# Baire-Osgood Theorem

## Theorem

Let $X$ be a Baire space.

Let $Y$ be a metrizable topological space

Let $f: X \to Y$ be a mapping which is the pointwise limit of a sequence $\sequence {f_n}$ in $\map C {X, Y}$.

Let $\map D f$ be the set of points where $f$ is discontinuous.

Then $\map D f$ is a meager subset of $X$.

## Proof

Let $d$ be a metric on $Y$ generating its topology.

Let $\map {\omega_f} x$ denote the oscillation of $f$ at $x$.

We have:

- $\ds \map D f = \bigcup_{n \mathop = 1}^\infty \set {x \in X: \map {\omega_f} x \ge \frac 1 n}$

which is a countable union of closed sets.

Since we have this expression for $\map D f$, the claim follows if we can prove that for all $\epsilon \in \R_{>0}$ the closed set:

- $F_\epsilon = \set {x \in X: \map {\omega_f} x \ge 5 \epsilon}$

is nowhere dense.

Let $\epsilon \in \R_{>0}$ be given and consider the sets:

- $\ds A_n = \bigcap_{i, j \mathop \ge n} \set {x \in X: \map d {\map {f_i} x, \map {f_j} x} \le \epsilon}$

which are closed because $d$ and the $f_i$ are continuous.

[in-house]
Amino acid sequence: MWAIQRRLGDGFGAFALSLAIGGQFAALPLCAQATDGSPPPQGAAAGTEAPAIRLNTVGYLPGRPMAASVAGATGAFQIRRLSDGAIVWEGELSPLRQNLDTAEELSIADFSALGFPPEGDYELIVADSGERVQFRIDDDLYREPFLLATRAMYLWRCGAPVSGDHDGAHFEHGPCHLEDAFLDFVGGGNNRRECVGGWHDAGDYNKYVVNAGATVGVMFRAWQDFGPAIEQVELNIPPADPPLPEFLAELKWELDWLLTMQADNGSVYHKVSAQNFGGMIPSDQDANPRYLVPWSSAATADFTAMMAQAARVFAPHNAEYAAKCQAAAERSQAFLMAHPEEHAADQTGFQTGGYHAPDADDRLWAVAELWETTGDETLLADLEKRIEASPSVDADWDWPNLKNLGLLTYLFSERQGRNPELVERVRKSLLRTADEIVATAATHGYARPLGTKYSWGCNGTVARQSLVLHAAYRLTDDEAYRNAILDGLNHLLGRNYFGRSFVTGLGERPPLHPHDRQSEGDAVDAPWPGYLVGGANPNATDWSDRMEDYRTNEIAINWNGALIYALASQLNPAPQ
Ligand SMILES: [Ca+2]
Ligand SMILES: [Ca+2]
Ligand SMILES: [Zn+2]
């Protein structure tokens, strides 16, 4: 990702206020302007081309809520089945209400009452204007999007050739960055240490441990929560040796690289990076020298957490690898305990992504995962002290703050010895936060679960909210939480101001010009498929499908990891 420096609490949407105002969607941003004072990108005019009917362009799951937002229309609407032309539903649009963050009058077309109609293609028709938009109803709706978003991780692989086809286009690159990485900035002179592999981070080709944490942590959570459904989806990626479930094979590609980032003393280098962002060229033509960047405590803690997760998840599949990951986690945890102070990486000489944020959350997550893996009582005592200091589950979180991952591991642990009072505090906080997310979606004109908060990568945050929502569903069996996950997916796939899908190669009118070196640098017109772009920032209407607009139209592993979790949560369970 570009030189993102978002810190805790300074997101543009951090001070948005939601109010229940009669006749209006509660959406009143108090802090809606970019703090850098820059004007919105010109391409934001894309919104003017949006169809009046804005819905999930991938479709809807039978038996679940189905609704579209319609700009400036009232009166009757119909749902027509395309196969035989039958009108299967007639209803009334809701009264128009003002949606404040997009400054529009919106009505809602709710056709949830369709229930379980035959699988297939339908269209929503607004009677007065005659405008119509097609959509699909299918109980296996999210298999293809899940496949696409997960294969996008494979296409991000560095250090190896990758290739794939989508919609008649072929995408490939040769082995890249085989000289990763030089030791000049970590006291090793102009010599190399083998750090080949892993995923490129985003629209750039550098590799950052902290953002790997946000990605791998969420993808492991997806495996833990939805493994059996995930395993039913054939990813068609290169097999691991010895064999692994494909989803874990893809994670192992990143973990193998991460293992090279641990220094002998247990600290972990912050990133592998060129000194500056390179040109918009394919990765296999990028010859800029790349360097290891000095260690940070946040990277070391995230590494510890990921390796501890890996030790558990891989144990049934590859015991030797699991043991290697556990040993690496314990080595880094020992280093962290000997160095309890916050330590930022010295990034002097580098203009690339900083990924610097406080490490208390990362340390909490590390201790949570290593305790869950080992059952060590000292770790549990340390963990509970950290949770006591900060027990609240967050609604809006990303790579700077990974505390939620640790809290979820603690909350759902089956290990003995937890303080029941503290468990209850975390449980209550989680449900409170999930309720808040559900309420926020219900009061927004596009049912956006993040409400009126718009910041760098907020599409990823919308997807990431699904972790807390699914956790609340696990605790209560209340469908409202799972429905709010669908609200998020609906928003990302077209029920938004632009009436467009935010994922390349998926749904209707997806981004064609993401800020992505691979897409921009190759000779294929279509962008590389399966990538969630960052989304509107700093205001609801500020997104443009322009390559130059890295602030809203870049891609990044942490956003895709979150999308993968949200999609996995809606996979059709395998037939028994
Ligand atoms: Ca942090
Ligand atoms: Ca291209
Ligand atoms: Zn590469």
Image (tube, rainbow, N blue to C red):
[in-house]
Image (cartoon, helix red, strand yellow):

Because $\sequence {f_n}$ is pointwise convergent, it is pointwise Cauchy with respect to any metric generating the topology on $Y$, so $\ds \bigcup_{n \mathop = 1}^\infty A_n = X$.

Given a nonempty open $U \subseteq X$ we wish to show that $U \nsubseteq F_\epsilon$.

Consider the sequence $\sequence {A_n \cap U}$ of closed subsets of $U$.

The union of these is all of $U$.

As $U$ is an open subspace of a Baire space, it is a Baire space.

So one of the elements of $\sequence {A_n \cap U}$, say $A_k$, must have an interior point, so there is an open $V \subseteq A_k \cap U$.

Because $U$ is open in $X$, $V$ is open in $X$ as well.

We will show that:

- $V \subseteq F_\epsilon^c = \set {x \in X: \map {\omega_f} x < 5 \epsilon}$

This will show that:

- $V \nsubseteq F_\epsilon$ and thus that $U \nsubseteq F_\epsilon$

Since $V \subseteq A_k$:

- $\map d {\map {f_i} x, \map {f_j} x} \le \epsilon$

for all $x \in V$ and all $i, j \ge k$.

Pointwise convergence of $\sequence {f_n}$ gives that:

- $\map d {\map f x, \map {f_k} x} \le \epsilon$

for all $x \in V$.

By continuity of $f_k$ we have for every $x_0 \in V$ an open $V_{x_0} \subseteq V$ such that:

- $\map d {\map {f_k} x, \map {f_k} {x_0} } \le \epsilon$

for all $x \in V_{x_0}$.

By the triangle inequality:

- $\map d {\map f x, \map {f_k} {x_0} } \le 2 \epsilon$

for all $x \in V_{x_0}$.

Applying the triangle inequality again:

- $\map d {\map f x, \map f y} \le 4 \epsilon$

for all $x, y \in V_{x_0}$.

Thus we have the bound:

- $\map {\omega_f} {x_0} \le \map {\omega_f} {V_{x_0} } \le 4 \epsilon$

showing that $x_0 \notin F_\epsilon$ as desired.

$\blacksquare$

## Source of Name

This entry was named for RenĂ©-Louis Baire and William Fogg Osgood.

## Sources

- 2000: N.L. Carothers:
*Real Analysis*